The Great Caliphs: The Golden Age of the Abbasid Empire by Amira K. Bennison. It was a balmy evening -- a welcome change after what seemed a long winter. We were hosted again by the Kensington Row Bookshop; the owner was a gracious host as usual.
The date was the anniversary of the first creation of the Army Corps of Engineers in 1794 by the Continental Congress. The anniversary of the first knowledge based enterprise of what would become the United States of America was a fortuitous time to consider the empire that created libraries of works from Greece, Rome and Persia, added to that knowledge base, and passed the heritage of knowledge on to others.
Here is a review of the book, and here author Bennison talks in a video on the cities of the Abbasid empire.
The discussion opened with a member commenting that Bennison's book described an empire founded by Arab Muslims who exploded out of the Arabian peninsula to rule a huge area. The Caliphates from the 7th to the 13th century ruled a huge area, ranging from the Atlantic coasts of North Africa and the Iberian Peninsula, into Sub-Saharan Africa, across the Middle East to India, and even down the coast of East Africa. The Caliphates spread Islam where they ruled and they revived trade. In a time when Europe was experiencing the Dark Ages, the Abbasid Empire was translating books from the Byzantine and Sassanid empires, and thus from earlier Greek, Roman, Persian and even Indian sources. These books were copied and distributed, and eventually translated back into Latin and other European languages igniting the Renaissance. We seldom hear about the greatness of Islamic culture at the time, and this book seemed to the member to be a welcome reminder of the accomplishments of the early Muslims/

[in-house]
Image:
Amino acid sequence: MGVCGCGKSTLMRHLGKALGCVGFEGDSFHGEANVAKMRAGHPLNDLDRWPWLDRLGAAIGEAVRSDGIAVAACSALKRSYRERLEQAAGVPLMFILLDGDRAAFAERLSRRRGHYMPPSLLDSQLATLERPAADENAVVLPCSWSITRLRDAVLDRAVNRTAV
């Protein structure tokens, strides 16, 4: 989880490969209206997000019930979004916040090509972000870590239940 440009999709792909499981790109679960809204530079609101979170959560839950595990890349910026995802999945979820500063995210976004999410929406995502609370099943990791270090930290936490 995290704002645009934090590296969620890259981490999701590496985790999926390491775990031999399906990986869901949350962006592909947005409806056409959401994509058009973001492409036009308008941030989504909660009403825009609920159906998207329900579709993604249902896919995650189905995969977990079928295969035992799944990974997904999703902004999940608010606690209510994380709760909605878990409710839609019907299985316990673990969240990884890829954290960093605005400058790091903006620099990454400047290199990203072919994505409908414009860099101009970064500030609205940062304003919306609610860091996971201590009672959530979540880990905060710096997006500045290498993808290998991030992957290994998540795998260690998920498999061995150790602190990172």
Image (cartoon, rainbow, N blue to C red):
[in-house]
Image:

Another member read an email that had been sent by one who could not attend, as follows:
Although I thought the book had too many names, I thought her coverage of that period of Islam was very interesting. The contributions to western culture were interesting, although not that new. Also, I found the coverage important of the theories of creative and uncreative as intellectual threads in Islam. The importance of different haddit and their role in their culture is also not discussed that much in talking about Islam, just like Talmud and different approaches to it in Judaism is not understood very well. For Moslems it is not just the Koran and for Jews not just the Old Testament. It is not just law in both, but literature, etc.